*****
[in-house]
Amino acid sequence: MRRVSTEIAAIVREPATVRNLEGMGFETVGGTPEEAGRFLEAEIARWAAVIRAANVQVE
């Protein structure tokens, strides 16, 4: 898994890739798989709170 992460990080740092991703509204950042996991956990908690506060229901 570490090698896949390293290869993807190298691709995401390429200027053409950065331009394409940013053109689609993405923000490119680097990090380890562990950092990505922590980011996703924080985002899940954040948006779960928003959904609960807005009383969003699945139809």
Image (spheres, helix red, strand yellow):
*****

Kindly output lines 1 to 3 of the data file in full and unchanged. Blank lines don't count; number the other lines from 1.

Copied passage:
[in-house]
Amino acid sequence: MRRVSTEIAAIVREPATVRNLEGMGFETVGGTPEEAGRFLEAEIARWAAVIRAANVQVE
């Protein structure tokens, strides 16, 4: 898994890739798989709170 992460990080740092991703509204950042996991956990908690506060229901 570490090698896949390293290869993807190298691709995401390429200027053409950065331009394409940013053109689609993405923000490119680097990090380890562990950092990505922590980011996703924080985002899940954040948006779960928003959904609960807005009383969003699945139809």